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I'm reading Bill Richards, et al's scintillating conversation in the
current _Connections_ (25,2) about the many foreign translations of The
International Network for Social Network Analysis when I come across a
comment on p. 106 (I think by Tad Sozansk):

"(But is insna really a network? Why not to pose this question quite

The answer is "Yes" and the word choice was serious.

I founded INSNA, and for 12 years I ran it alone out of my hip pocket.
Meetings were a lot shorter. When I founded it (you can read about its
origins in an earlier Connections or on a website), I wondered about a

I think it took me 10 seconds to decide on "Network" rather than
"Association" or "Society"?


1. It seemed less ponderous, and we were then (and even now).
2. We were a network, without meetings, constitutions, then.
3. The idea was to network each other. That's why _Connections_ took the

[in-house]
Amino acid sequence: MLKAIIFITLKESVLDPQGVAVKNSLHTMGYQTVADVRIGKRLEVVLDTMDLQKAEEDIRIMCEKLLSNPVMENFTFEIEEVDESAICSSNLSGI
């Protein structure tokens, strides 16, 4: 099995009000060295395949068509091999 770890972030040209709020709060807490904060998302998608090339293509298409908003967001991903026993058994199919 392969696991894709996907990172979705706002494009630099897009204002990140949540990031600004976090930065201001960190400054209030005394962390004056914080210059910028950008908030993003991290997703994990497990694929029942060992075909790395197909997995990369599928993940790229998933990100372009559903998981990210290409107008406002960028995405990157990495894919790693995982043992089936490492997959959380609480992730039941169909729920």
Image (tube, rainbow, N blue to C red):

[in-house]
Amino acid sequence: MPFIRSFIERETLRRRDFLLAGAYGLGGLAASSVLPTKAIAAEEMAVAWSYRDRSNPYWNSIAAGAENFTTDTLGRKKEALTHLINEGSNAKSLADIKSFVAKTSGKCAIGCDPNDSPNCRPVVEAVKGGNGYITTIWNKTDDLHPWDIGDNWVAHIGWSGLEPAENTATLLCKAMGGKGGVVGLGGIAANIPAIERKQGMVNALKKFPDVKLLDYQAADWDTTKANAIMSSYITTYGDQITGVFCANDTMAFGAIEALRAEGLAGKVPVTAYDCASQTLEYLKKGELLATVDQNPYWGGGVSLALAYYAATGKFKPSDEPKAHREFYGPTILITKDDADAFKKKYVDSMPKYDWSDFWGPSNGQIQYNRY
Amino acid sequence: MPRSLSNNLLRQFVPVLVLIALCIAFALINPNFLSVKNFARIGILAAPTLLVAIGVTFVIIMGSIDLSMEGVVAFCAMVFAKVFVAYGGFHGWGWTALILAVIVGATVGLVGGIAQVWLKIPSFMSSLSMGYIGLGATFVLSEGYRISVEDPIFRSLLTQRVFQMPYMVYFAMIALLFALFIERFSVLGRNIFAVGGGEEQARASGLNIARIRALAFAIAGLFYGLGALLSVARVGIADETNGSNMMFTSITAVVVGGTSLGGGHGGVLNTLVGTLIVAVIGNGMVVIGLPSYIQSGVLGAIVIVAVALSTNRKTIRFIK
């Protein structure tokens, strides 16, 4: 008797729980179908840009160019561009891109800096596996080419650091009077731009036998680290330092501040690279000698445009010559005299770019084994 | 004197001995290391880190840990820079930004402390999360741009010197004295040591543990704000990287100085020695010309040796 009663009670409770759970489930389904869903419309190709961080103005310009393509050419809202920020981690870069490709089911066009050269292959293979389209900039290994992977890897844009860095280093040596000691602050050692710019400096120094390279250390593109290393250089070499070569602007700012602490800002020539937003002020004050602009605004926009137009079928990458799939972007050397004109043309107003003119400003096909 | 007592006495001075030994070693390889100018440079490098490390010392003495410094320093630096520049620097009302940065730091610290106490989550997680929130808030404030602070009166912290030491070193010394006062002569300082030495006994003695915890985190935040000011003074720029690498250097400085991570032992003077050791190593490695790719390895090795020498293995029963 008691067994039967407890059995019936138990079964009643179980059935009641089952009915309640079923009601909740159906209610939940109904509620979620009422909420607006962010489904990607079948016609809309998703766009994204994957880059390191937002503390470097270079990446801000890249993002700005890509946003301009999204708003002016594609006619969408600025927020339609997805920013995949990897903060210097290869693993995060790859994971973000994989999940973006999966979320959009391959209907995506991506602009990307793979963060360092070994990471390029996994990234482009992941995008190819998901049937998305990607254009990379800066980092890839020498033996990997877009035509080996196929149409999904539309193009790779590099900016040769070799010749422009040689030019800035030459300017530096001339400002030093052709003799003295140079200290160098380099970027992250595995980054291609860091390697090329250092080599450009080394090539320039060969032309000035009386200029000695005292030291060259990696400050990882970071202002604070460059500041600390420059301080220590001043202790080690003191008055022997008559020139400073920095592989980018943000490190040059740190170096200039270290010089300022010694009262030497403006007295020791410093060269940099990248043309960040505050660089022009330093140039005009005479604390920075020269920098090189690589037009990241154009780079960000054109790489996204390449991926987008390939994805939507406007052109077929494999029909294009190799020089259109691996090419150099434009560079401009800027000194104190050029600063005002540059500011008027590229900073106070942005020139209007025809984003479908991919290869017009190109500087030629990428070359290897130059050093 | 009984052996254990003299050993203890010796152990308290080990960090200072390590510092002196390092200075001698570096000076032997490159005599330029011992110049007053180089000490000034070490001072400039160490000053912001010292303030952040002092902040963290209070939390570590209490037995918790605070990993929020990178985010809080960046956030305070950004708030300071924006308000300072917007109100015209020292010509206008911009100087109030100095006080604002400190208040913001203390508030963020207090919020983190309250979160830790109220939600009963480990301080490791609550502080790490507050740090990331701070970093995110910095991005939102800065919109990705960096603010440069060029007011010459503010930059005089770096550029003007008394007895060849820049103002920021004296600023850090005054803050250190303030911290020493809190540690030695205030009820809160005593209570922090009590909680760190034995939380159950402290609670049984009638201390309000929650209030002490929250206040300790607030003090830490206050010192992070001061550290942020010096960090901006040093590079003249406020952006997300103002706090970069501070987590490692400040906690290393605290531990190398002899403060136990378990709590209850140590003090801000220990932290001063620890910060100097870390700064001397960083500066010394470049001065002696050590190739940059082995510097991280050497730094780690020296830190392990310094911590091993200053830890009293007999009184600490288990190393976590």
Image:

form it did (and still has, thanks to subsequent editors). My basic rule
was to avoid stuff that could be published in scholarly journals, but to
publish news, gossip, abstracts, book summaries (never heavy-duty
reviews), and unique articles that journals wouldn't touch. (Such as the
original, Mark Granovetter "weak ties" piece before AJS expurgated it.)
4. INSNA rarely was, or is, anyone's first disciplinary society. So we
tried to keep the dues cheap (7 bucks at the outset) and the interactions

It's a miracle that we're still succeeding!


  Barry Wellman         Professor of Sociology        NetLab Director
  wellman at

  Centre for Urban & Community Studies          University of Toronto
  455 Spadina Avenue    Toronto Canada M5S 2G8    fax:+1-416-978-7162
             To network is to live; to live is to network

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